The Week in Women: A teacher runs for Congress, an alleged Russian agent and some lessons on money from Kimye

2016 National Teacher of the Year Jahana Hayes of John F. Kennedy High School in Waterbury, CT, has a hard time controlling her excitement after taking the stage with then-President Barack Obama , Education Secretary John King and her fellow state teachers of the year during a ceremony in the East Room of the White House May 3, 2016 in Washington, D.C. (Photo by Chip Somodevilla/Getty Images)

The sun is shining and summer is in full swing, so what better time to chat about school? (*Laughs maniacally*) This week’s newsletter is all about academics: teachers, students, researchers and the like. So here we go!

Mariia Butina, a 29-year-old Russian woman who came to the U.S. on a student visa in 2016, has been arrested and charged as a covert agent in U.S. election meddling. Prosecutors say she targeted high-level political, news media, and business officials, in an effort to push Republicans toward a more pro-Russia stance. Butina allegedly made her connections through the National Rifle Association and the National Prayer Breakfast, and even tried to broker two meetings between Donald Trump and Vladimir Putin. Court documents claim Butina told associates that her actions had been approved by Putin’s administration, but Putin denies everything and would you look at this shiny soccer ball?

Former National Teacher of the Year Jahana Hayes, whose giddy reaction to being honored by then-President Barack Obama went viral in 2016, has declared her candidacy in the Congressional race for Connecticut’s fifth district. Her opponent in the Democratic primary, Mary Glassman, is a two-time nominee for lieutenant governor with decades of experience in Connecticut politics — so Hayes has a tough battle ahead of her. But with her students as inspiration, Hayes is ready for the challenge. “My students were all working and I looked down at them and said, ‘Who will speak for them?” she recalled in her first campaign ad. “Who will share their story with the world? And I said me.’”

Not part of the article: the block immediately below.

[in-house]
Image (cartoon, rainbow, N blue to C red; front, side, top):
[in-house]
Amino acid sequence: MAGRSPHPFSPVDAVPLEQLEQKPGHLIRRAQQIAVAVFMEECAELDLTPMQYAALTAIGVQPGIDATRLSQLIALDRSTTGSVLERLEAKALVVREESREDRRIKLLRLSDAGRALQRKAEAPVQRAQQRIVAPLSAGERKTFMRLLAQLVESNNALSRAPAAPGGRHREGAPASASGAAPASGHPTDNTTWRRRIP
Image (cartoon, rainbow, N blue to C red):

A study of more than 23,000 comments on YouTube confirmed what we probably could have guessed: Women who host science-related channels are subjected to more criticism and discussion of their appearance and intelligence than males who host similar channels. Researchers sorted the comments into six categories — positive; negative or critical; hostile; sexist or sexual; appearance-based; and neutral or general discussion — and found that about 14 percent of comments for female hosts were critical, compared to about six percent for male hosts. Unsurprisingly, women also received more sexist and sexual comments. One day, friends, we will live in a world where women can freely talk about science on the internet, and men can make a bajillion dollars showing off their eye shadow palettes.

A new report issued by the U.S. Census Bureau found that women who earn more money than their husbands often underreport their income, while their husbands inflate their earnings. Researchers compared couples’ responses in surveys dealing with personal economics to their tax filings with the IRS — and noticed marked discrepancies. For example, the study found that in households where wives are the top breadwinners, husbands filling out surveys report that their earnings are 2.9 percentage points higher than the income they document in their tax filings. To which we say, let us all take a lesson from Kanye West and Kim Kardashian, who are living happily ever after on an empire built from Kimojis.

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